President Donald Trump, at the urging of former Arkansas Gov. Mike Huckabee, has commuted the prison sentence of a Warm Springs man convicted of federal bribery charges.
Former U.S. Attorney Bud Cummins, the state chairman of Trump’s 2016 presidential campaign in Arkansas, had also sought leniency for Theodore E. “Ted” Suhl, the owner of two mental-health companies that had received Medicaid funding.
Reached by text message, Huckabee praised Trump’s decision.
“The President acted appropriately and mercifully to commute Ted’s sentence for what was a zealous prosecution for charges that were recanted by the witnesses at his trial.
He should never have been charged and certainly not incarcerated. I’m deeply grateful to the President for carefully reviewing this case and granting clemency,” he said.
Upon learning of the commutation, former Gov. Mike Beebe, Huckabee’s successor, was asked for comment.
“I’m shocked,” he said, declining to further elaborate.
Cummins, who was hired by Suhl’s family to review the case, welcomed the news and questioned the U.S. Justice Department’s handling of the case.
“My first thought is that President Trump should be commended for this,” he said. “I hope that he and Attorney General [William] Barr continue to look at DOJ policy and tactics across the board in how they approach these cases.
“Mr. Suhl was, essentially, convicted on a circumstantial case tied together on the word of a proven liar who had broken the law on several occasions and was essentially being paid to tell the story the government’s way,” Cummins said.
Suhl, 54, has been housed at the U.S. penitentiary in Marion, Ill., a medium-security facility with an “adjacent minimum security satellite camp,” the Federal Bureau of Prisons website states.
He was originally scheduled to be released Feb. 5, 2023.
Suhl could not be reached Monday. But one of his attorneys, Robert M. Cary of the Williams & Connolly law firm in Washington, D.C., issued a brief written statement on behalf of the Suhls.
“Ted Suhl and his family are grateful to President Trump for exercising his constitutional authority to commute Ted’s sentence. They ask that their privacy be respected as they are reunited,” it said.
The White House announced the president’s decision Monday morning, saying he had been “strongly encouraged by leaders in Mr. Suhl’s home State of Arkansas” to grant the clemency.
It cited Huckabee and Cummins as Suhl’s advocates, saying they “have devoted considerable time and effort to securing his release.”
In a three-paragraph announcement, the White House press secretary’s office offered a rationale for the decision.
“Mr. Suhl ran faith-based behavioral healthcare treatment centers for juveniles in Arkansas. Investigators alleged that Mr. Suhl participated in a bribery scheme to increase Medicaid payments to his company.
Federal prosecutors in Arkansas declined to pursue the case, but prosecutors in Washington decided to move forward with the prosecution. Although acquitted on half of the charges filed against him, he was sentenced to seven years in prison,” it said.
Suhl was convicted on four of the six charges.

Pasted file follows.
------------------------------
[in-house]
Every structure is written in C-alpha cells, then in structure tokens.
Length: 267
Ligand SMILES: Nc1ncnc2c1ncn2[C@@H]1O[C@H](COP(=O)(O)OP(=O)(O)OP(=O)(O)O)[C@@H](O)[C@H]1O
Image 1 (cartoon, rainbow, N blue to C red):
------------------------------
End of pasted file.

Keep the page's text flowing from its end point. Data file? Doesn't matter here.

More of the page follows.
A spokesman for then-U.S. Attorney Chris Thyer, whose office handled most prosecutions in the the Eastern District of Arkansas, said that although Suhl was indicted through the Little Rock office, the U.S. attorney’s office eventually handed the case off to the Justice Department “as a matter of resource allocation.”
The White House also maintained that Suhl’s life has been exemplary.
“Mr. Suhl was a pillar of his community before his prosecution and a generous contributor to several charities.
He has been a model prisoner while serving his sentence, maintaining a spotless disciplinary record,” it said.
In a petition to the U.S. Supreme Court, Suhl’s attorneys had also portrayed him as a generous man.
“Since 2002, the petitioner and his family have contributed more than $1.4 million to Christian causes,” the petition noted. The Supreme Court opted not to take up the case.
Suhl and his wife, Laura, were also political donors, giving at least $20,000 since 1998 to Republican congressional and presidential candidates, according to the Federal Election Commission website.
Suhl and those associated with his organization had also given heavily to officeholders in Arkansas.
In addition, a company managed by Suhl, Southeastern Asset Management, had flown then-Gov. Huckabee and two of the governor’s family members to a Republican event in North Carolina in 2006, according to an Associated Press article from the time.
The trip drew scrutiny after the plane was forced to make an emergency landing in Chattanooga, Tenn.
Huckabee portrayed the transportation as an in-kind contribution to his political action committee.
On July 20, 2016, a federal jury in Little Rock found Suhl guilty on four of six charges he faced in a weeklong trial, finding that he paid bribes over four years to keep a state regulatory official, Steven B. Jones, “on retainer” to benefit his companies.
Jones was the deputy director of the state Department of Human Services, which administers the Medicaid program. One of the five departmental divisions Jones oversaw regulated providers of behavioral health services for youths, like Suhl’s company.
Two of Suhl’s companies, Maxus Inc. and Trinity Behavioral Health, formerly known as The Lord’s Ranch in Warm Springs (in Randolph County), provided behavioral health care to youths and together received more than $125 million in state-administered Medicaid funds from April 2007 through September 2011, when Jones was at the helm of the division.